SAN FRANCISCO-The drug anethole dithiolethione (ADT)-normally used for dry mouth and marketed as Sialor or Sulfarlem-reduced the risk of new or worsening dysplastic lesions in the lungs of current and former smokers by 22%, compared with placebo, according to a study presented at a late-breaking research session of the 93rd Annual Meeting of the American Association for Cancer Research (abstract LB-119).
SAN FRANCISCOThe drug anethole dithiolethione (ADT)normally used for dry mouth and marketed as Sialor or Sulfarlemreduced the risk of new or worsening dysplastic lesions in the lungs of current and former smokers by 22%, compared with placebo, according to a study presented at a late-breaking research session of the 93rd Annual Meeting of the American Association for Cancer Research (abstract LB-119).
"This study shows that ADT has promise and may halt or slow the development of cancer," said Stephen Lam, MD, professor of medicine, and chair, Lung and Tumor Section, University of British Columbia.
He noted that 50% of lung cancer patients are former smokers and that even with the best smoking cessation programs, over 70% of smokers need to try quitting more than once before they succeed. "Both of these factors are why we are looking for a lung cancer chemopreventive agent," he said.
In the 6-month study, 101 current and former smokers with bronchial dysplasia were randomly assigned to receive 25 mg of ADT orally three times a day or a placebo. To qualify for the study, patients had to have smoked a pack a day for 30 years or two packs a day for 15 years. All patients had bronchial dysplasia identified by autofluorescence bronchoscopy-directed biopsies.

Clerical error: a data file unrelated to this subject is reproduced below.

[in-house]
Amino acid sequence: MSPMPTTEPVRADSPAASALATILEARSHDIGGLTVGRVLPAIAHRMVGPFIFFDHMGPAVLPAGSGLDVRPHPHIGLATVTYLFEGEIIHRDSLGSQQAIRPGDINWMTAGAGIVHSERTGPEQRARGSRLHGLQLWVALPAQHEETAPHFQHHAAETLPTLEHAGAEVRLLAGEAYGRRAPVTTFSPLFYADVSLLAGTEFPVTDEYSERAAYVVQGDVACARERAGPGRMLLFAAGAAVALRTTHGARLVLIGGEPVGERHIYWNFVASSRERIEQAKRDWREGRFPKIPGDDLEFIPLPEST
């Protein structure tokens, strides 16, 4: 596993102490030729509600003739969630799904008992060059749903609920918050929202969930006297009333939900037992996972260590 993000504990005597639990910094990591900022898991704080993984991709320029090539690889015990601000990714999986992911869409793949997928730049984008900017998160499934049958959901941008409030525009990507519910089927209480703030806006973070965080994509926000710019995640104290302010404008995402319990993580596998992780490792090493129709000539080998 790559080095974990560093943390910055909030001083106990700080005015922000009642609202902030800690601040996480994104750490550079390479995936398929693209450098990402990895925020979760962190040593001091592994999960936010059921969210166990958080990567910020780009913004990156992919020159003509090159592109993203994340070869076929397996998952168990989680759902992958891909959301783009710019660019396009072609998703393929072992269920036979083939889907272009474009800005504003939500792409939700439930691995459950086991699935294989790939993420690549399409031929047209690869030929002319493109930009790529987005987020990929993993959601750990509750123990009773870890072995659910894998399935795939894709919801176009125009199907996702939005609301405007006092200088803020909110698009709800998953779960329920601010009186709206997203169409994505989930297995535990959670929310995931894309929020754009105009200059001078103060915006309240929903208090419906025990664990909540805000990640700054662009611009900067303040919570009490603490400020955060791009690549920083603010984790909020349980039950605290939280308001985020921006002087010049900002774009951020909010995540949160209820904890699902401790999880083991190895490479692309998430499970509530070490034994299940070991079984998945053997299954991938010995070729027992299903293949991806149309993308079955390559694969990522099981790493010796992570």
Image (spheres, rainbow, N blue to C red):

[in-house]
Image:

Risk of Progression
The risk of progression from dysplasia to cancer varies from 2% to 40% within 10 years, depending on the grade of the dysplasia, Dr. Lam said.
After completing their treatment, all patients had a repeat bronchoscopy and biopsy of the same sites, plus any new areas that looked suspicious for dysplasias. Changes in the histopathology grade of the biopsies were used as the primary endpoint biomarker.
In the lesion-specific analysis, progression of preexisting dysplastic lesions by two or more grades and/or the appearance of new lesions was 9% lower in the ADT group (8% ADT vs 17% placebo, P < .001). In the person-specific analysis, the progression rate was 22% lower in the group that received ADT (32% ADT vs 54% placebo, P = .01).
The main adverse effects of the treatment were minor gastrointestinal symptoms that resolved with dose reduction or discontinuation of the medication. "The treatment was found to be quite safe," Dr. Lam said.
He noted that the drug’s therapeutic effects in cancer are mainly based on its radical scavenger and glutathione-inducer properties.
Dr. Lam and his colleagues are planning a larger study to confirm the current findings. The next trial will consist of patients who have received curative treatment for head and neck cancer or early-stage lung cancer. In this group, the risk of recurrence rises up to 30% over 10 years. "This provides a good cancer incidence endpoint in a reasonably short time to assess the effect of ADT," Dr. Lam said.
The trial will enroll several hundred people and will take 3 to 5 years to perform. If ADT were tested as a chemopreventive in smokers, however, the trial would have to enroll more than 20,000 people and take 10 years and more than $50 million to complete. It’s simply not practical to do such a trial. "Not many people would put up that kind of money or time," Dr. Lam said.
Not FDA Approved
ADT is produced by the French company, Solvay Pharma, and is not FDA approved in the United States. It is marketed in Europe, Canada, China, and other countries, and has been sold for 30 years.
In Canada, it could conceivably be prescribed for off-label use as a chemopreventive, Dr. Lam said. "I believe ADT has promise. But with one study, the strength of evidence is not strong enough to recommend it as a standard therapy," he said.